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Allowable Moving Expenses on Taxes

If you're in the process of finding a home in Saratoga, you should know about tax deductible moving expenses. It's one huge benefit that helps cut the cost of moving. Keep in mind, if you are moving as part of a job relocation and your employer is covering the cost, there won't be much to deduct.

What Can Be Deducted?

The Internal Revenue Service (IRS) keeps a fairly short list of deductions that are allowed. Check out the list below to see what you can deduct from your taxes after you move:

  • Costs used to connect and disconnect utilities
  • Cost of packing, transporting and insuring your belongings
  • If you are traveling by car to your new home, you can deduct your gas, oil, hotel charges, parking fees and toll-booth expenses
  • Deductions for one trip used to house hunt are allowed. It is not possible to deduct the cost of multiple trips used to find a house.
  • The cost of transporting vehicles and pets to your new residence

How Do I Know If I Qualify?

First things first, the IRS only allows moving deductions if the move is job-related. A new job, a transfer within the same company and even a first job all qualify you for tax deductions. However, moving because you like the weather elsewhere, does not count.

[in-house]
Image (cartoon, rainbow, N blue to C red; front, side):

The IRS requires that you work full time for about 10 months in the area of your new location to ensure you moved because of work. However, it does not need to be at the same job for the entire 10 month duration.

There is also the 50 miles rule. The IRS requires that the commute from your old residence to your new job location be at least 50 miles longer than your old commute.

If you are a business owner, you can change residences and take the moving deductions as long as you meet the 50 miles and 10 month long full-time employment criteria.

Self employed? Expect a longer required full-time employment span. The IRS requires 20 months of full-time employment for self-employers to receive their deductions.

Other Tax Breaks

Mortgage Interest: For most homeowners, the bulk of your house payment goes toward interest. Fortunately, all of that interest is deductible.

Points: If you used points to get a better rate on home loans, you are eligible for a tax break, as well. The IRS allows points to be deducted in the year you paid them, if the loan was to purchase or build your home.

Property Taxes: Your share of taxes in the first year of your home is fully deductible. Also, taxes included on your annual loan statment can be deducted.

Closing: If you decide to move, you can catch a break on the taxes based on the profit you make from selling your home. If you use the money from your old house to buy a new one, you can avoid paying the tax on the sale of a residence.

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